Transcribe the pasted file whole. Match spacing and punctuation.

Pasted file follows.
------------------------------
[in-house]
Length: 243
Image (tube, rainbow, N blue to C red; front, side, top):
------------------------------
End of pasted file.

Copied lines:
[in-house]
Length: 243
Image (tube, rainbow, N blue to C red; front, side, top):